Balderdashery

definition: that lost art of senseless writing about hats.  
example:  I am a three-hatted woman.  I own a felt  with a felt bow on it for when I want to feel like my head is in an oven.  I own a floppy orange hat for when I want to feel like I am underdressed at a horse race and the odds are 8 to 1.   I own a baseball cap for when I want my neck to get sunburned but my face to stay shaded and cool, and for when I want to look like Buster Posey.  This triangulation of hats of mine…etc. etc. 

Oh, what tosh, what drivel, what moonshiney nonsense, what applesauce! Really, I just heard someone use the word Balderdash in an intriguingly wrong context and pronunciation today, and wanted to try it out for myself.  Balderdashery isn’t really a word, folks. 

In other news,
-Tomorrow at high noon, I am journeying down from the mountains for a long overdue visit to my beloved family.  I’m banking on the tried and true Shock and Awe tactic, since I can only tear myself away from the mountains for a few brief days.   Of course, instead of implementing overwhelming power and rapid military dominance as the good old boys did, I hope to just have barrels of fun in a short period of time.  

 -When I said mountains, I unfortunately didn’t mean those alluring elevations in the earth’s surface that beautifully rise to a summit. I meant mountains of glistening, oil-laden, tuberous nightshades, often served at popular breakfast restaurants nationwide, delicious with ketchup.  Yes, I, the woman who swore that she would never again ask another man if he wanted “a warm-up”, the woman who vowed never again to apologize for not taking American Express, I am again waiting tables.  But I have been out of work for 4 months, ever since The Incident, my funds are not quite exhausted but pretty damn fatigued, and some, but not all, of my cumulonimbus dreams for the future require green that doesn’t have much to do with gardening.  So, I’m working part-time, and planning full time, and still writing so much my pointer finger has a bump on it.  Besides, slinging hashbrowns at corporate travelers and landlocked Midwesterners reminds me of what I don’t really want out of life, and we all know that process of elimination is a heavenly thing.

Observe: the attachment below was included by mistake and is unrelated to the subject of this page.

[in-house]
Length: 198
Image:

-speaking of heavenly things, my cherubic coppery dog got sprayed by three skunks this weekend.  I can only assume that they each annointed him with their fetid odors at least once, since he brought up the rear (quite literally) of their procession the entire length of the driveway.  It was reminiscent of the deluxe “Typhoon” wash at the local Scrubby’s carwash…only $12, and you get a full undercarriage wash, side blasters, and underbody rust inhibitor.  Two days, a box of baking soda, and 3 bottles of peroxide later, Copper is still wafting, and the idea of having him in the car with me for 6 hours on aforementioned pilgrimage is ever more daunting.  

After immersing myself again in Even Cowgirls Get the Blues, Skinny Legs and All, and Still Life with Woodpecker, I thought my crush on Tom Robbins might have rebudded, but then I google image searched him and realized the feelings welling deep in my soul were definitely based in the intellectual realm.  O Tom Robbins, god of the metaphor, you Odin of similes, I am happily drowning in your syntax.  As always after going on a Robbins binge, I am hesitant to pick up another book until his magical sentences have faded from my memory.

This one’s for the birds.